Common ingredients found in Pancit are chicken broth and soy sauce. Make it a CKD-friendly dish by obtaining food items that say “reduced sodium” or “less sodium” on the label. Ideally, you should aim for food products with less than 300 mg per serving. A great option for reduced-sodium chicken broth is Kettle and Fire Low Sodium Chicken Broth* , which you can find at many grocery stores (i.e. Ralphs, Pavilions).

Filipino pancit (stir fry noodle) with cabbage, carrots, green beans, and pork.

Filipino food can be a part of a healthy kidney friendly diet. You shouldn’t have to sacrifice your favorite cultural foods when maintaining your health. It’s all about balance, moderation, and sometimes making some simple swaps to make things a bit more fun!

At Healthy Mission Dietitian, we are on a mission to help you achieve your health goals while enjoying your favorite foods. If you need extra support, schedule an appointment with one of our dietitians!

References

Healthy soy sauce substitute recipe (whole30, Paleo). (n.d.). Retrieved June 2, 2022, from https://40aprons.com/healthy-soy-sauce-substitute-whole30/ 

Home – dash. Dash. (2022, March 14). Retrieved June 1, 2022, from https://mrsdash.com/ 

Klemm, C. S. (n.d.). Breasts vs thighs which is more nutritious. EatRight. Retrieved June 1, 2022, from https://www.eatright.org/food/nutrition/dietary-guidelines-and-myplate/breasts-vs-thighs-which-is-more-nutritious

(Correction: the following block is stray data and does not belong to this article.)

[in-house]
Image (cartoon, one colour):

Kulinarya Cooking Club – Lumpiang Hubad. Trissalicious. (2010, September 2). Retrieved June 1, 2022, from https://trissalicious.com/2010/08/22/kulinarya-cooking-club-lumpiang-hubad/ 

Less sodium soy sauce. Kikkoman Home Cooks. (2022, May 31). Retrieved June 1, 2022, from https://kikkomanusa.com/homecooks/products/less-sodium-soy-sauce/ 

Lumpia Shanghai dipping sauce. (2022) Riverten Kitchen. Retrieved June 1, 2022, from https://www.rivertenkitchen.com/lumpia-shanghai-sauce.html 

Moncel, B. (2019). What to know about Filipino adobo. The Spruce Eats. Retrieved June 1, 2022, from https://www.thespruceeats.com/filipino-adobo-1328775 

Okonta, C. (2022). Food Safety and kidney disease: 4 things to remember. American Kidney Fund. Retrieved June 1, 2022, from https://www.kidneyfund.org/article/food-safety-and-kidney-disease-4-things-remember 

Organic low sodium chicken broth. Swanson. (2020, October 23). Retrieved June 1, 2022, from https://www.campbells.com/swanson/products/broth/organic-low-sodium-chicken-broth/